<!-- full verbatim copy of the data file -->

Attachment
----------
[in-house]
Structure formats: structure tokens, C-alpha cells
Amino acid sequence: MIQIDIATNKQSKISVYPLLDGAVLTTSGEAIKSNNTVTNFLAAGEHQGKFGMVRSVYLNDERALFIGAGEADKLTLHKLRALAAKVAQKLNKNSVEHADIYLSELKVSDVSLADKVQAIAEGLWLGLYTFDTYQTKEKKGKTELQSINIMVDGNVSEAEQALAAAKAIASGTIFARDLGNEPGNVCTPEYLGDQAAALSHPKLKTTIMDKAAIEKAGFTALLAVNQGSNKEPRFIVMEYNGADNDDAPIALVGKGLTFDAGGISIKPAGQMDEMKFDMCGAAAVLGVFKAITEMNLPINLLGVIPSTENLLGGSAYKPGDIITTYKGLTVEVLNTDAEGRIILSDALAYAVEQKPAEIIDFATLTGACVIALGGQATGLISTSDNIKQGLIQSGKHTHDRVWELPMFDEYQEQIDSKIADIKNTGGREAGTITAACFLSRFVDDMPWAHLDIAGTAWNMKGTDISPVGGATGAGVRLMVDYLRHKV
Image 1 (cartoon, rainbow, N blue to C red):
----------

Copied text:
[in-house]
Structure formats: structure tokens, C-alpha cells
Amino acid sequence: MIQIDIATNKQSKISVYPLLDGAVLTTSGEAIKSNNTVTNFLAAGEHQGKFGMVRSVYLNDERALFIGAGEADKLTLHKLRALAAKVAQKLNKNSVEHADIYLSELKVSDVSLADKVQAIAEGLWLGLYTFDTYQTKEKKGKTELQSINIMVDGNVSEAEQALAAAKAIASGTIFARDLGNEPGNVCTPEYLGDQAAALSHPKLKTTIMDKAAIEKAGFTALLAVNQGSNKEPRFIVMEYNGADNDDAPIALVGKGLTFDAGGISIKPAGQMDEMKFDMCGAAAVLGVFKAITEMNLPINLLGVIPSTENLLGGSAYKPGDIITTYKGLTVEVLNTDAEGRIILSDALAYAVEQKPAEIIDFATLTGACVIALGGQATGLISTSDNIKQGLIQSGKHTHDRVWELPMFDEYQEQIDSKIADIKNTGGREAGTITAACFLSRFVDDMPWAHLDIAGTAWNMKGTDISPVGGATGAGVRLMVDYLRHKV
Image 1 (cartoon, rainbow, N blue to C red):